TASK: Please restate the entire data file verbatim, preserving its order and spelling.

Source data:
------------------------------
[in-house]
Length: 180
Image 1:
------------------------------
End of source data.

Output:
[in-house]
Length: 180
Image 1: